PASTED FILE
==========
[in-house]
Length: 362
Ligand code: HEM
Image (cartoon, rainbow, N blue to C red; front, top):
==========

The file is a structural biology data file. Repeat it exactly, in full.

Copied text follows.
[in-house]
Length: 362
Ligand code: HEM
Image (cartoon, rainbow, N blue to C red; front, top):